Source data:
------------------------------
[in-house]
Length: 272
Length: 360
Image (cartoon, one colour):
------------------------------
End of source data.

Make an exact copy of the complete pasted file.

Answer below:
[in-house]
Length: 272
Length: 360
Image (cartoon, one colour):